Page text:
US factory orders rise 1.5%, but fall short of estimates
New orders for U.S. factory goods rose for the third straight month in June, the latest indication that a recent slowdown in manufacturing activity had probably run its course.
The Commerce Department on Friday said new orders for manufactured goods increased 1.5 percent. May's orders were revised to show a 3.0 percent rise instead of the previously reported 2.1 percent advance.
Economists polled by Reuters had forecast new orders received by factories increasing 2.3 percent.
(Read more: So-so summer: Job growth disappoints; rate drops)
Manufacturing slowed in the spring, hobbled by tight fiscal policy and weak global demand, but there are signs it is starting to find some momentum.
Data on Thursday showed a gauge of national factory activity rising to a two-year high in June, driven by a surge in production and new orders.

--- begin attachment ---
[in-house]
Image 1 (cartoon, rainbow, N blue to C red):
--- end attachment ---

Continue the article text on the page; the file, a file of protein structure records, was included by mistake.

The Commerce Department report showed factory orders in June were boosted by demand for transportation equipment, with orders there rising 12 percent.
(Read more: Consumers on spending spree, despite higher prices)
Orders excluding the volatile transportation category slipped 0.4 percent after rising 1.0 percent in May. Unfilled orders for factory goods jumped 2.1 percent, the largest increase since December 2007, a good sign for future manufacturing activity.
The department also said orders for durable goods, which are manufactured products expected to last three years or more, rose 3.9 percent instead of the 4.2 percent increase reported last week.
Orders for non-defense capital goods excluding aircraft—seen as a measure of business confidence and spending plans—rose 0.9 percent versus a 0.7 increase reported last week.